Fall always surprises. Maybe you find you don't need the fan to sleep now. Or that it gets dark earlier. Maybe you have to wait for daylight to start work now, or you can see that the plants are not the same kind of green they were.
It came during the state fair this year. The average temps dropped by ten or so degrees and we found it much easier to tie into some of the construction that always waits around here.
Fall appeals to every sense. I always smell late summer in the air in August. It is a weedy ripening kind of smell that I suppose must be difficult for allergy sufferers. The colors fade and deepen. While the grass isn't as green and lush as it was, the cattle gain better on fall grass. The cottonwoods talk in a different language. Cottonwoods are the prairie's gift to those who live away from running water. Their glossy leaves are getting stiffer now and the waterfall noise they make in the wind is louder in fall and carries further. At the time of leaf drop, they will start to rattle in the breeze.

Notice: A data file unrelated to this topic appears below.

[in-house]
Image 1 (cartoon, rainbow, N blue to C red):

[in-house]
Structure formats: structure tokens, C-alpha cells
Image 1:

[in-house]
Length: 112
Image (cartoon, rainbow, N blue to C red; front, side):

We have frogs this fall. I startle a dozen or so up every time I walk to the cattle for a paddock change. This is new, and pleases us as much as the return of the grassland birds that we began to notice when we seeded the pastures down fifteen years ago. These creatures are our gauges, telling us that we are going in the right direction, or correcting us if we are not.
Today we set up huts in the permanent pasture for a small 14 sow September pasture farrowing. They start in about a week. Looking forward to it.